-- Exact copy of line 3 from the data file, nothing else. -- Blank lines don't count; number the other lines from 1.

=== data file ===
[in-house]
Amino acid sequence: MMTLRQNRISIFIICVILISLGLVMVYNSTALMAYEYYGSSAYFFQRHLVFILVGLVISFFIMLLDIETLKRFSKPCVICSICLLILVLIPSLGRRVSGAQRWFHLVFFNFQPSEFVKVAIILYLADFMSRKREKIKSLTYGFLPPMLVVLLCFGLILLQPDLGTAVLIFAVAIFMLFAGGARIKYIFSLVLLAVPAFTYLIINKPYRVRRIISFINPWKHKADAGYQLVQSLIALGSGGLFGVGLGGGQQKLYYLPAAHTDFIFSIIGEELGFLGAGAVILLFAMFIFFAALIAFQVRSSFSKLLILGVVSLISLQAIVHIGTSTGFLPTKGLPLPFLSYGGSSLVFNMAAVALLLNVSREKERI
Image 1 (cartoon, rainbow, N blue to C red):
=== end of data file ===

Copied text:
Image 1 (cartoon, rainbow, N blue to C red):